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See also: imminént
- about to happen, occur, or take place very soon, especially of something which won't last long.
- 1927, Whitney v. California:
- To courageous, self-reliant men, with confidence in the power of free and fearless reasoning applied through the processes of popular government, no danger flowing from speech can be deemed clear and present unless the incidence of the evil apprehended is so imminent that it may befall before there is opportunity for full discussion.
- 2022 January 12, Benedict le Vay, “The heroes of Soham...”, in RAIL, number 948, page 42:
- The Second World War was reaching fever pitch, with the entire Allied effort in top gear for the imminent invasion of Europe, while later that month buzz bombs would start falling on London.
- Imminent and eminent are very similar sounds, and are weak rhymes; in dialects with the pin-pen merger, these become homophones. A typo of either word may result in a correction to the wrong word by spellchecking software. Imminent is also sometimes confused with immanent (which see).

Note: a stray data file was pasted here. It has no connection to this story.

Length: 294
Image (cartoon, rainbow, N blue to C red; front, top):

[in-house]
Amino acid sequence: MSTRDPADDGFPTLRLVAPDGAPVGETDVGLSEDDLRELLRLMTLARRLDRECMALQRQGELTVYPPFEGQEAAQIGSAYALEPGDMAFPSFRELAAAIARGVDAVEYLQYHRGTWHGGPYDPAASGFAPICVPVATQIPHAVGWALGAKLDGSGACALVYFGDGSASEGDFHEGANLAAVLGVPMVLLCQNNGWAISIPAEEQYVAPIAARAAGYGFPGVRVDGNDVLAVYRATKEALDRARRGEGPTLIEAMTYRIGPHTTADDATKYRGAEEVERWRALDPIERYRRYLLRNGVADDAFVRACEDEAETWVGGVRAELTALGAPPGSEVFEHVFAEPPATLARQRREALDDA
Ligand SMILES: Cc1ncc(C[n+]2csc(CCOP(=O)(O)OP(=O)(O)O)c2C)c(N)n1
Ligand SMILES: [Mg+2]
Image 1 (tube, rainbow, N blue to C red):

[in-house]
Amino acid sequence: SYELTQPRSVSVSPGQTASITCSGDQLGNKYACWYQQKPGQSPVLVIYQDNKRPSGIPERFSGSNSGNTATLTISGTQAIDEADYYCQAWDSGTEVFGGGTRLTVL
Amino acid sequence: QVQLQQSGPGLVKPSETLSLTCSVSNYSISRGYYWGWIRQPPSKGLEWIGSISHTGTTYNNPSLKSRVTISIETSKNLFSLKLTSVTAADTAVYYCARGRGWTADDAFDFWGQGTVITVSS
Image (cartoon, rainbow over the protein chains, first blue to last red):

- Said of danger, threat and death.
about to happen, occur, or take place very soon
- “imminent”, in Webster’s Revised Unabridged Dictionary, Springfield, Mass.: G. & C. Merriam, 1913, →OCLC.
- “imminent”, in The Century Dictionary […], New York, N.Y.: The Century Co., 1911, →OCLC.
- imminent at OneLook Dictionary Search
imminent m or f (masculine and feminine plural imminents)
- “imminent” in Diccionari de la llengua catalana, segona edició, Institut d’Estudis Catalans.
- “imminent”, in Gran Diccionari de la Llengua Catalana, Grup Enciclopèdia Catalana, 2023
- “imminent” in Diccionari normatiu valencià, Acadèmia Valenciana de la Llengua.
- “imminent” in Diccionari català-valencià-balear, Antoni Maria Alcover and Francesc de Borja Moll, 1962.
- “imminent”, in Trésor de la langue française informatisé [Digitized Treasury of the French Language], 2012.